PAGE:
Many skeptics claim that creatine supplementation can harm the kidneys. This is because creatine can cause a rise in serum creatinine levels.
Elevated creatinine levels are often an early indicator that the kidneys are not working as they should.
Although creatine may cause a slight increase in blood creatinine levels, studies have proven that long-term and short-term creatine supplementation does not cause kidney damage in people with normal kidney function.
Healthy kidneys filter creatinine from your blood, and it is excreted from your body through urine.
4 - YOUR MUSCLES WILL ATROPHY ONCE YOU STOP TAKING CREATINE
One of the most common creatine myths you may hear is that if you stop taking creatine, you will lose your strength and dry muscle mass.
Because creatine adds water volume, you may notice a slight decrease in muscle fullness when you stop taking it. As your muscle creatine stores decline, you may also see a reduction in performance and muscle strength.
However, you will not lose the muscles you built simply by stopping creatine supplementation. Muscle atrophy, or the loss of muscle tissue, often occurs within a few weeks of physical inactivity. It is vital to continue weight training and consume adequate amounts of protein to prevent muscle loss.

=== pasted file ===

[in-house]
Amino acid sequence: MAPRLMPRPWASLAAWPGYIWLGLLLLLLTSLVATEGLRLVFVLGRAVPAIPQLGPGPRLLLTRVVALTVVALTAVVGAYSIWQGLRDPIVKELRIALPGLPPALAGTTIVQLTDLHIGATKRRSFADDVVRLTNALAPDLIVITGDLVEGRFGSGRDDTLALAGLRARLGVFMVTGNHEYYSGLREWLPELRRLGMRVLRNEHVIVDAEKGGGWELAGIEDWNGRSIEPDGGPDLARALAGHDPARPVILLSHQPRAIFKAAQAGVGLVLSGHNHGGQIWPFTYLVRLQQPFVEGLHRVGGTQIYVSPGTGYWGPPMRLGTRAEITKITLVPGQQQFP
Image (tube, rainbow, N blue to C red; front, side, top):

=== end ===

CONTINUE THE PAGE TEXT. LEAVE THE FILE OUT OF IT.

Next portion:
5 - CREATINE IS ONLY FOR ATHLETIC PERFORMANCE
Although creatine is highly beneficial for individuals who perform high-intensity training, more and more evidence suggests that creatine supplements can also benefit other activities.
For example, studies suggest creatine supplementation can help athletes train longer and recover faster by reducing muscle damage, soreness, and inflammation following intense physical activity.
Finally, creatine can help athletes hyper-hydrate before exercising in hot environments, reducing the risk of heat-related illness while training.
6 - WOMEN SHOULDN'T USE CREATINE
Although the majority of creatine research has been carried out in men, new studies confirm that women can also benefit from creatine supplementation.